“That’s not writing. That’s typing.”
Of Jack Kerouac, Truman Capote famously said, “That’s not writing. That’s typing.”
While I’ll agree that Kerouac is no Fitzgerald, he does have his moments.
This passage, for example, which is one of my favorites in the novel:
“I woke up as the sun was reddening; and that was the one distinct time in my life, the strangest moment of all, when I didn’t know who I was – I was far away from home, haunted and tired with travel, in a cheap hotel room I’d never seen, hearing the hiss of steam outside, and the creak of the old wood of the hotel, and footsteps upstairs, and all the sad sounds, and I looked at the cracked high ceiling and really didn’t know who I was for about fifteen strange seconds. I wasn’t scared; I was just somebody else, some stranger, and my whole life was a haunted life, the life of a ghost.”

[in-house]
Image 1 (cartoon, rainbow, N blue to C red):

Such a haunting, descriptive passage. I’m guessing we’ve all had a moment like that, maybe after waking up from a long nap or after a vivid dream. Kerouac does a wonderful job of describing that feeling.
The overall feeling of On The Road is one of sadness. That’s despite Sal’s and (especially) Dean’s outward “happiness” and frantic energy.
This is a good novel, though I’m not as in love with as I was when I first read it in my 20s. Not surprising.